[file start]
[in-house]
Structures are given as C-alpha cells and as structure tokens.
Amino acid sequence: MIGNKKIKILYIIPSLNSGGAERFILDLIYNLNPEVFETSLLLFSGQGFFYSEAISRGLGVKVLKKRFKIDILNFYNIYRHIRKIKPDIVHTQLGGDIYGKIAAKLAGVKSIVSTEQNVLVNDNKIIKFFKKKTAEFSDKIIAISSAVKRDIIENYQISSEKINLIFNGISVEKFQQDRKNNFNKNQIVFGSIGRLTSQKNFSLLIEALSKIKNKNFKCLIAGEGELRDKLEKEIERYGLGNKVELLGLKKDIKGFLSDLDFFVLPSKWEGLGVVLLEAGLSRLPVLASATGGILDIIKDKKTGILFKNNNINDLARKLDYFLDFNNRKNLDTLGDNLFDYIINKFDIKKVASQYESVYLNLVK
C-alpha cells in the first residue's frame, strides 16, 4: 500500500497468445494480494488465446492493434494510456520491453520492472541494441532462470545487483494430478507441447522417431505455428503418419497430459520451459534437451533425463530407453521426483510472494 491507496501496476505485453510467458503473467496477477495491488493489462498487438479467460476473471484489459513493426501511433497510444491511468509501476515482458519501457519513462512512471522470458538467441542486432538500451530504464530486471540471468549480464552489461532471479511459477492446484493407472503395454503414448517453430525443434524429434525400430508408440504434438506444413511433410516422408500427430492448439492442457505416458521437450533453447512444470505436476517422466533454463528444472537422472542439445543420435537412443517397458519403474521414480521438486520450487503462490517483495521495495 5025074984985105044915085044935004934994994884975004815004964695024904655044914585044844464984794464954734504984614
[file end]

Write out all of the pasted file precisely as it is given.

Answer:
[in-house]
Structures are given as C-alpha cells and as structure tokens.
Amino acid sequence: MIGNKKIKILYIIPSLNSGGAERFILDLIYNLNPEVFETSLLLFSGQGFFYSEAISRGLGVKVLKKRFKIDILNFYNIYRHIRKIKPDIVHTQLGGDIYGKIAAKLAGVKSIVSTEQNVLVNDNKIIKFFKKKTAEFSDKIIAISSAVKRDIIENYQISSEKINLIFNGISVEKFQQDRKNNFNKNQIVFGSIGRLTSQKNFSLLIEALSKIKNKNFKCLIAGEGELRDKLEKEIERYGLGNKVELLGLKKDIKGFLSDLDFFVLPSKWEGLGVVLLEAGLSRLPVLASATGGILDIIKDKKTGILFKNNNINDLARKLDYFLDFNNRKNLDTLGDNLFDYIINKFDIKKVASQYESVYLNLVK
C-alpha cells in the first residue's frame, strides 16, 4: 500500500497468445494480494488465446492493434494510456520491453520492472541494441532462470545487483494430478507441447522417431505455428503418419497430459520451459534437451533425463530407453521426483510472494 491507496501496476505485453510467458503473467496477477495491488493489462498487438479467460476473471484489459513493426501511433497510444491511468509501476515482458519501457519513462512512471522470458538467441542486432538500451530504464530486471540471468549480464552489461532471479511459477492446484493407472503395454503414448517453430525443434524429434525400430508408440504434438506444413511433410516422408500427430492448439492442457505416458521437450533453447512444470505436476517422466533454463528444472537422472542439445543420435537412443517397458519403474521414480521438486520450487503462490517483495521495495 5025074984985105044915085044935004934994994884975004815004964695024904655044914585044844464984794464954734504984614